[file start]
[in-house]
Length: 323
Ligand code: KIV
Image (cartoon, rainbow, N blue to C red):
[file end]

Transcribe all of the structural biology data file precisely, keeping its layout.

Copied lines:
[in-house]
Length: 323
Ligand code: KIV
Image (cartoon, rainbow, N blue to C red):